In true Popcorn Bucket fashion, the film world is buzzing about awards and y’know- films that actually matter and I toddled off to see an action film with lots of punching, kicking and the occasional sexy chokehold.
You can just never predict what Steven Soderbergh is going to do next. From gritty biopics like the Che films to the crowd-pleasing frippery of the Ocean’s trilogy, the guy chops and changes track more often than a particularly indecisive iPod Shuffle. So, fresh from last year’s disease epic Contagion, Soderbergh has chosen to helm an action film made to showcase MMA star Gina Carano’s arse-kicking abilities and backing her up with an impressive cast list of famous faces. Like him or not, you can’t criticise the man for being a one trick pony.
“You shouldn’t think of her as being a woman. That would be your first mistake.”
Haywire centres on Mallory Kane (Gina Carano, best described as a lantern-jawed, cage-fighting version of Rebecca Black), a black ops agent who is betrayed by her organisation. Kane then goes rogue in order to track down the people responsible. That is really about it. I’ll forgive you for yawning. The plot is as uninspired as they come.It’s something we’ve seen a hundred times before and done better elsewhere. I get the feeling that the plot isn’t the point of the film however. This is basically a B movie (well, that specific kind of recent Hollywood B movie that imitates everything but the tiny budget) and as such, some schlock is to be expected. It’s almost a parody of the genre, but doesn’t quite tip the balance. I was really impressed with Gina Carano though. Considering this is her first film, she’s great. Granted, she’s playing a nigh-on emotionless unstoppable badass, but she definitely has a screen presence. As I said above, the supporting cast is terrific, especially Michael Fassbender and Ewan McGregor. Also human gerund Channing Tatum is here, lending his muscular blandness and strangely smooth face to proceedings.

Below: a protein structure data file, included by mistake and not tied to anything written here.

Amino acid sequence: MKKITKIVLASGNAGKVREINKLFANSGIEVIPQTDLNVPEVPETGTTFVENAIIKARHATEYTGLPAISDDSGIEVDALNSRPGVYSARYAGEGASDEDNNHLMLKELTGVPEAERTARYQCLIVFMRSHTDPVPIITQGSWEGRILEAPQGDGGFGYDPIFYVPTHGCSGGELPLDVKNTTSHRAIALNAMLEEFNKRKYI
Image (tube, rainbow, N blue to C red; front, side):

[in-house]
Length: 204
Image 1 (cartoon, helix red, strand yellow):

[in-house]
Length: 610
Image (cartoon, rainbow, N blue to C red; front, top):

Sod the plot though, action is why (disappointingly few) people are sitting down to watch this. I must say, the action’s great. Stevey Sodas strips current Hollywood fight conventions back down to the wire. There is no shaky-cam bullshit, no up-tempo music and no wire-fu. All you hear during the brutal fights are grunts and dull thuds. Each hit sounds like a heftily swung baseball bat hitting a sack of wet steaks. It’s refreshing to actually see the impressive choreography rather than try and make it out from frenetic editing and spastic camerawork. Carano’s fight with Fassbender in a Dublin hotel room is especially well done. There’s also a rooftop chase, which aims for realism, rather than hyper-excitement. The film can be quite minimalist at times, which can be very effective. There’s a scene where Mallory is walking down a Dublin street, expecting danger to come from any angle. The camera tracks her for a good 3/4 minutes, just walking on the pavement, with all the sounds of city life around her. This ain’t your typical action affair.
Whilst the plot can be forgiven to an extent, the rest of the film didn’t quite hang together for me. I really wanted to love this film, but there were too many things getting in the way. For one, I found the score to be truly obnoxious, with David Holmes, the man behind the slick Oceans’ soundtracks, basically doing the same jazzy, cool schtick with added annoying blaring brass bits. It’s repetitive and doesn’t sit well with the movie at all. The film can really drag too, with characters endlessly spouting expository dialogue to pad out the weak-as-fuck plot.
“You can tell me right now why you sold me out- or you can tell me in ten minutes when I have my hands around your throat”
In Mallory Kane, we finally have a proper female equal to Jason Bourne. Screw Angelina Jolie’s Salt or even Saoirse Ronan’s Hanna, Kane is the real deal. Haywire is a mixed bag. As an audition tape for Carano’s action chops, it works fantastically well. As a film, it falters, despite a stylish presentation and bloody decent fighting. Hopefully Carano will get the vehicle she’s crying out for soon.